Christian soldiers launch attacks on communities in troubled northern states, leading bandits to seek vengeance by killing residents, controversial Islamic cleric Sheikh Ahmad Gumi claims.
Gumi earlier visited Zamfara villages to have peace talks with bandits in the forest, to negotiate with them on the need to surrender their arms.
While addressing some of the bandits in a new video circulating online, Gumi claimed that the soldiers are stirring confusions with the aim of wreaking havoc.
“What I want you people to understand is, soldiers that are involved in most of the criminalities are not Muslims. You know, soldiers have Muslims and non-Muslims.
“The non-Muslims are the ones causing confusion just to ignite crisis,” Gumi said.
Some interpretations of Gumi’s words translated “non-Muslim soldiers” as “Christian soldiers,” with observers warning that the cleric’s romance with bandits could endanger the lives of non-Muslim civilians and troops.
There have been controversies on how Gumi was able to locate the camp of some bandits operating in Zamfara and Niger State, without security personnel’s intervention.
Many have been displaced, killed and kidnapped by armed bandits who storm communities in the northern and southern parts of Nigeria to loot and burn homes.
It is unclear where the cleric’s claims sprang from, but he queried the bandits on why they should attack villagers in vengeance.
“If you people, in return, retaliate or seek vengeance, attack residents in the city, you may end up in killing youth, children and old men which eventually results in tension in society.
“Why would military men launch attacks on your community and you take your revenge on innocent citizens in the city?
“That is what is denting your image in the society,” the cleric added.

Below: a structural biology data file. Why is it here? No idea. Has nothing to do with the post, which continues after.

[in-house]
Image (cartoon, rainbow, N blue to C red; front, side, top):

Faulting Gumi’s remarks, legal analyst Yomi Ogunsanya noted that it was capable of igniting divisions in the security agencies, just as it threatens peaceful co-existence in the country.
Ogunsanya said it is inappropriate for the cleric to make the “grave” allegation without evidence, noting that “he is not a security expert or personnel, he should disclose where he got his information from.”
While stating that security personnel are deployed to troubled communities notwithstanding their religious beliefs, the analyst said Gumi basically states that the Christians and pagans are responsible for the havoc.
“That’s a very serious grave allegation, he has to come out and clarify how he got that information and what he meant by that because some people can even translate it to me that he is saying that they are Christian soldiers,” Ogunsanya said.
“If he is saying non-muslim, he should, first of all, clarify if he is referring to the Christians or pagans.
“It’s inappropriate for him and it’s even divisive to make such allegations. Is he trying to justify the activities of the so-called bandits or terrorists?
“For me, Gumi should be careful with generalised statements without evidence to back it up,” the legal analyst said.
Also questioning the cleric’s assertion and how he located some armed bandits, Ogunsanya advised that he should be careful even though he has the support of the northern leaders.
“Where did he get his intel from? Is it from the bandits, the villagers, residents or the security personnel? So now that he is stepping into it, people have started to query how he is able to locate them when security agencies can’t get where they are and how they operate.
“He should tread softly in as much as the northern governors are supporting him. He should tread softly and mind his decisions so that they do not ignite other divisions even within the security agencies because if they are going to deploy security personnel to a troubled place, they won’t select Christians and Muslims’, the analyst added.
Gumi has recently become the government’s key link to rampaging bandits who have been on a destructive spree across northern Nigeria. Earlier this week, he sought a blanket amnesty for the bandits, eliciting nationwide criticism.